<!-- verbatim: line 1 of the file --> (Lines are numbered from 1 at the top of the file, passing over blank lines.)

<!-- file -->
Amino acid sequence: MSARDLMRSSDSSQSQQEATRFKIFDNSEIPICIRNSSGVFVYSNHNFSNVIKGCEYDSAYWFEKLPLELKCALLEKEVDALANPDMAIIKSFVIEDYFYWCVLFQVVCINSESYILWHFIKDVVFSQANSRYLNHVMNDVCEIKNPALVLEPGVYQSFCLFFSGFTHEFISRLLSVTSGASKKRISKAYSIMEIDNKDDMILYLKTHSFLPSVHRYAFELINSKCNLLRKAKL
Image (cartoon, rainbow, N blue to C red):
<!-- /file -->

Amino acid sequence: MSARDLMRSSDSSQSQQEATRFKIFDNSEIPICIRNSSGVFVYSNHNFSNVIKGCEYDSAYWFEKLPLELKCALLEKEVDALANPDMAIIKSFVIEDYFYWCVLFQVVCINSESYILWHFIKDVVFSQANSRYLNHVMNDVCEIKNPALVLEPGVYQSFCLFFSGFTHEFISRLLSVTSGASKKRISKAYSIMEIDNKDDMILYLKTHSFLPSVHRYAFELINSKCNLLRKAKL